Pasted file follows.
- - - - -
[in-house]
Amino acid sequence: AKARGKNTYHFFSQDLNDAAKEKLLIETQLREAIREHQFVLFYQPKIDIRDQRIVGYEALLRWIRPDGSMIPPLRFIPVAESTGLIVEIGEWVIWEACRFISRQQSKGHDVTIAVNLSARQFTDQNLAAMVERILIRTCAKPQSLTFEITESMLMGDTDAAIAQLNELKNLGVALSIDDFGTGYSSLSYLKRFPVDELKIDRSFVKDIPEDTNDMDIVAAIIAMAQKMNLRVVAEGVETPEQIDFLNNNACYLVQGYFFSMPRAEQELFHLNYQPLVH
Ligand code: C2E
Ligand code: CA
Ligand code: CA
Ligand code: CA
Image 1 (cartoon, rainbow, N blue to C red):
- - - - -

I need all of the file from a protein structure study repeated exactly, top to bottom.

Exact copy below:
[in-house]
Amino acid sequence: AKARGKNTYHFFSQDLNDAAKEKLLIETQLREAIREHQFVLFYQPKIDIRDQRIVGYEALLRWIRPDGSMIPPLRFIPVAESTGLIVEIGEWVIWEACRFISRQQSKGHDVTIAVNLSARQFTDQNLAAMVERILIRTCAKPQSLTFEITESMLMGDTDAAIAQLNELKNLGVALSIDDFGTGYSSLSYLKRFPVDELKIDRSFVKDIPEDTNDMDIVAAIIAMAQKMNLRVVAEGVETPEQIDFLNNNACYLVQGYFFSMPRAEQELFHLNYQPLVH
Ligand code: C2E
Ligand code: CA
Ligand code: CA
Ligand code: CA
Image 1 (cartoon, rainbow, N blue to C red):